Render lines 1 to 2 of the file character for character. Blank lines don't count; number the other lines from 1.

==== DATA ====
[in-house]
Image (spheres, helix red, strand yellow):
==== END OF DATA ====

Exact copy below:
[in-house]
Image (spheres, helix red, strand yellow):